Rizieq Shihab, the leader-in-ab­sentia of the FPI, currently living in exile in Saudi Arabia after trumped-up pornography charges were leveled against him, picked up the mantle of leadership for the movement last year. He delivered a speech via voice recording where he gave his usual spiel about the Unitary State of Republic Indo­nesia under Islamic (sharia) Law (NKRI Bersyariah). This message appears to resonate, as the FPI continues to go from strength to strength. The rise of the FPI at the local level and as a node for a plethora of smaller radical groups has been underlined by many experts. Its targeting of high school teachers in Islamic schools has paid off in swelled ranks. Even if they are out of the national politi­cal discourse they are very effective at lower scales of governance. “Per­da sharia”, local Islamic bylaws, are spreading like wildfire and the FPI is behind many of them. These are but a few elements of a multi-fac­eted Islamization of politics and politicization of Islam in Indonesia.

Mistaking the FPI for an insignif­icant actor is dangerous, but over­stating its role is equally risky. The big question then is how to deal with such a nebulous actor. The Reuni Akbar was an inclusionary approach to dealing with radical is­lamic organisations. The opposition are bringing them into the fold of conventional politics, into the world of compromises and horse-trading, they are mollifying them with big doses of musyawarah (long-winded, consensus-building discussions). The speakers stressed moderation and reoriented the discussion to­wards economic concerns and their political platform. The opposition parties therefore took the opportu­nity to address the FPI-led crowd to pass a few important messages across the divide.

Many non-muslim that also join the 212 Rally. (photo: IO/Prive. Doc)

Many have called out Gerindra and PKS for what they see as an opportunistic rapprochement. Their approach however has the benefit of including these fringe organisa­tions into the political arena and getting them involved in transac­tional politics. The trajectory of the PKS is a good case study of the pacifying potential of inclusionary politics as it started as a more radical grassroots movement and was deradicalized (abandoning its calls for a Shariah republic) as it became an institutionalised party. This brand of politics of inclusion is risky: it bestows some degree of legitimacy and limelight to an un­savoury organisation and any open dialogue with such radical actors is bound to come at an electoral cost.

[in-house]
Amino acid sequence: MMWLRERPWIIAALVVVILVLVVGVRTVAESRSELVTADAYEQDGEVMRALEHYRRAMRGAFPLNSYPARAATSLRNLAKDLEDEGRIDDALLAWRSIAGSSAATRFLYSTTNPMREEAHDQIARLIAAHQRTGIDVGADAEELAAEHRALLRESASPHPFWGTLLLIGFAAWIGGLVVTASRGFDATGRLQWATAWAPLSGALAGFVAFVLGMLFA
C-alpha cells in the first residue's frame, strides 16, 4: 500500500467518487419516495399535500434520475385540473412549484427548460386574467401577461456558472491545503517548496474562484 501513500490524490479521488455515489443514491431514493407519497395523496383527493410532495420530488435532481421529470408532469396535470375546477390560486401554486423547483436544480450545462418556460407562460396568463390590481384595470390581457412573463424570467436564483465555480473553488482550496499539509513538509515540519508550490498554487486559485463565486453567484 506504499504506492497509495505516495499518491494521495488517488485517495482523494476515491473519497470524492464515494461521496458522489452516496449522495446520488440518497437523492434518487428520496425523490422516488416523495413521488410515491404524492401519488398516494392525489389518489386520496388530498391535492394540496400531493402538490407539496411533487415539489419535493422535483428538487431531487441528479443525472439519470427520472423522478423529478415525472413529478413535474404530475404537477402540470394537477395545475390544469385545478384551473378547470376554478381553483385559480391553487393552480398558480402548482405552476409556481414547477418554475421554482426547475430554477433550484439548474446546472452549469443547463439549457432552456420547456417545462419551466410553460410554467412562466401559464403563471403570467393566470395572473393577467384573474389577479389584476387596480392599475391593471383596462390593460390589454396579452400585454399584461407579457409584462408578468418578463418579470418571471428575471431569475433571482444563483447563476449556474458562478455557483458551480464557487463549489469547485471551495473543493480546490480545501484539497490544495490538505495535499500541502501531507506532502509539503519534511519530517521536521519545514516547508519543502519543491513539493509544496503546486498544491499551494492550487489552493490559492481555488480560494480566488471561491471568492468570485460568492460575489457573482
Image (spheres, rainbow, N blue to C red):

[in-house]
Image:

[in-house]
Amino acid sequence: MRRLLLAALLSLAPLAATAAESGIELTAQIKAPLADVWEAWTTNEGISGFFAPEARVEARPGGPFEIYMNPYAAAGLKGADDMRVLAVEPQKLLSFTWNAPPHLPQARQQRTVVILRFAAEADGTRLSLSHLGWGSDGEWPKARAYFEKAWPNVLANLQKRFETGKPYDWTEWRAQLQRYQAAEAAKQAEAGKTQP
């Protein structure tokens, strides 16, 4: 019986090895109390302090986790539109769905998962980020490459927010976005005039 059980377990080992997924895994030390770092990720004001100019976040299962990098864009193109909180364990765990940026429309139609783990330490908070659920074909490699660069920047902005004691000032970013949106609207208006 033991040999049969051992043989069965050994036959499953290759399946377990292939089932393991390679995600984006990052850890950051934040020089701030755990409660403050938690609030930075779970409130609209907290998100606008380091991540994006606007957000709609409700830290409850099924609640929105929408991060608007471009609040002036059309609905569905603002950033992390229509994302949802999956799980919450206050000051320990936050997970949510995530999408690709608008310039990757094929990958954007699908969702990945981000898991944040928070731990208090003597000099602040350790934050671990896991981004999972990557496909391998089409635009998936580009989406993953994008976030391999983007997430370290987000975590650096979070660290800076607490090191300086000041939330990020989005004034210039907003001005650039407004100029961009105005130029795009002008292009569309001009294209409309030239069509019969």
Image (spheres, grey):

However, the Jokowi ap­proach leaves much to be desired too.
So far the Jokowi administra­tion has opted for a secular and authoritarian approach of ex­clusion with regards to the more radical Islamist organizations. The administration has been selectively muffling radical voices by blocking facebook accounts (see Tengku Zulkarnain) and websites (such as voa-islam.com and islampos. com) intimidating preachers and organisers (chinese-muslim cleric Felix Siaw was repeatedly discour­aged to deliver sermons) as well as passing an executive order (Per­ppu) that gives it the authority to ban civic organisations which, in practice, has been used to disband radical islamic organisations such asHTI (Hizbut Tahrir Indonesia). Regardless of its moral defensibil­ity, the jury is hung on whether or not this approach is effective. While it certainly does debilitate the movements temporarily, it also creates martyrs and strengthens the resolve of followers in the short to medium run. Witnessing such selective pressure is a deterrent for some, but for many it is also a wa­tershed moment that makes them lose all trust in the system and its institutions. As Ian Wilson, a researcher in politics and security at Murdoch University in Austral­ia, told The New York Times, “Each time [Rizieq] has spent time in jail, the organization has grown, the martyrdom complex has grown, as has the perception that he is some­one who is willing to sacrifice for the cause.”

Without expecting anyone to tolerate intolerance, an independ­ent observer would hope that this administration pursue a more cautionary and inclusive approach vis-à-vis non-violent alternative voices. (alen)